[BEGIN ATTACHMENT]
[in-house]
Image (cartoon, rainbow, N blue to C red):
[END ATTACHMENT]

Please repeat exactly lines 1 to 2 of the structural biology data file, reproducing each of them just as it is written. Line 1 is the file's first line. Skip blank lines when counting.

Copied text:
[in-house]
Image (cartoon, rainbow, N blue to C red):